Family functioning and preschool children's oral health-related quality of life

Sarah Almutairi*, Sasha Scambler, Eduardo Bernabé

*Corresponding author for this work

Research output: Contribution to journalArticlepeer-review

1 Citation (Scopus)


Introduction: Identifying which aspects of how a family functions are relevant to child oral health provides opportunities for interventions targeting the family context. The aim of this study was to investigate the associations of general and domain-specific family functioning with oral health-related quality of life (OHRQoL) of 3–4-year-old children. Methods: Cross-sectional data from 740 parent-child dyads from East London were analysed. Family functioning was assessed with the 60-item Family Assessment Device that yields scores for general functioning and six domains (roles, behaviour control, communication, affective involvement, affective responsiveness and problem solving). Children's OHRQoL was measured using the Early Childhood Oral Health Impact Scale (ECOHIS), which measures the lifetime impacts of children's oral conditions on the child (child impact section, CIS) and family (family impact section, FIS). The associations of family functioning with the ECOHIS total, CIS and FIS scores were assessed in negative binomial regression models (rate ratios [RR] and 95% confidence intervals [95% CI] were calculated), adjusting for parental sociodemographic factors and child demographic factors and caries experience. Results: Children in families with unhealthy general functioning had 1.45 (95% CI: 0.87–2.43), 1.24 (95% CI: 0.73–2.13) and 2.19 (95% CI: 1.20–3.99) times greater ECOHIS total, CIS and FIS scores, respectively, than those in families with healthy general functioning after adjustment for confounders. Unhealthy functioning in the roles domain was associated with greater ECOHIS total and FIS scores. Unhealthy functioning in the problem solving, roles and affective involvement domains were also associated with greater FIS scores. Conclusions: Unhealthy family functioning was associated with worse child OHRQoL, especially in terms of disrupting family life. Effective assignment and undertaking of roles should be further explored as a target for intervention.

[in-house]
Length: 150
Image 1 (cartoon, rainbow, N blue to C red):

Original languageEnglish
JournalCommunity Dentistry and Oral Epidemiology
Publication statusAccepted/In press - 2022


  • children
  • family
  • oral health
  • quality of life


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